There is far more intricacy than I have explained here and I encourage you to look into this further as I believe the feasts have so much more relevance to God's plan for the world than Christmas and Easter. I'd be interested in your thoughts on this article:

      http://www.newlifefreo.com/pdfarticles/GodsStory-GodsFestivals.pdf

      Jacob

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  2. If you know that something is evil but yet you still choose t follow it then your heart is wicked and the truth is not in you. Easter for one is a lie because how can Jesus be in the grave for three days but yet easter starts at Good Friday to resurrection sunday. This is not three days. As for Christ mass this is a Catholic tradition that worships the death of Christ not his birth. The scripture doesn't tell us to observe his so called birthday. CHTISTMAS is pagan..Just like thanksgiving. Native Americans were slaughtered on thanksgiving and they still mourn about that..but yet in America when thanksgiving comes around people celebrate it as its some type of holy day. People are full of gluttony. This is Not PLEASING To The Lord. Seelnhim.for truth dear and don't follow the masses.

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    1. Celebrating holidays is not evil. If I believed it to be evil and did it anyway, that would be wrong. But it's not wrong and I don't believe it to be wrong.

      I agree that Jesus may not have been crucified on a Friday. We do know he was raised on a Sunday. The Bible doesn't tell us what day He was crucified. Different people have argued for either Wednesday, Thursday, or Friday and they all have some validity.

      https://www.gotquestions.org/three-days.html

      But regardless of what exact day Jesus was crucified or even when He was resurrected, celebrating His resurrection is a good thing and not evil. The same goes for the day of His birth.

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  3. Aren't we commanded to obey his word only? Easter has nothing to do with Christ at all. Neither does Christmas. Are you a disciple of Jesus Christ. May I ask how were you baptized?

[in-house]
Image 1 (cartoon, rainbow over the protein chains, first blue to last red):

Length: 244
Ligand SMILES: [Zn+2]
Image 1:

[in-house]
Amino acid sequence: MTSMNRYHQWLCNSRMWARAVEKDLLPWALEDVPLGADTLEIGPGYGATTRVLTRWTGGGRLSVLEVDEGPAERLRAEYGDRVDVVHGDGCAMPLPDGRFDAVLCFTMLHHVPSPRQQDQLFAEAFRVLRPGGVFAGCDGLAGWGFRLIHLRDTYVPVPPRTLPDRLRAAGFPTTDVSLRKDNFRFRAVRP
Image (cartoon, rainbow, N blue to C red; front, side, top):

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    1. Christmas and Easter have everything to do with Christ. Christmas is the celebration of Christ's birth and Easter is the celebration of Christ's resurrection. At least, that's what I and most Christians are celebrating on those days. And we certainly have freedom to celebrate days, as Romans 14 makes clear.

      Yes, I am a disciple of Christ and was baptized at age 9.

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  4. Jesus was in the grave for three days. How is it that he was crucified on a Friday and rose on a sunday? Is that three days? No ma'am it certainly is not. Also were you baptized in the name of Jesus for the remission of your sins or under the father, son, and holy ghost?

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    1. This is a bit off-topic, but I'll bite.

      In Jewish culture of the time, a part of a day is counted as a day. It was common to speak of "the third day" or "in 3 days" as what we today would say as "the day after tomorrow," regardless of what time of day it was when that was said. The notion of "three days" always meaning a full 72 hours is part of our culture, but not Jewish culture.

      I was baptized in the name of the Father, Son, and Holy Spirit, I believe. I was 9, so may not remember the exact words used. But it really isn't relevant either way.

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    2. Actually it is relevant ma'am. We must firstly understand what baptism is for. Baptism is for the remission of our sins and it is what saves us 1peter3:21. We need to be baptized in Jesus name according to acts 2:38. Being baptized in the name of the father son and hold ghost are just titles. We are to be buried in the water in Jesus name.

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    3. The Father, Son, and Holy Ghost are not merely titles, but individual persons of the Godhead.

      The rest of this topic is not something I will get into here. Our theology is obviously very different.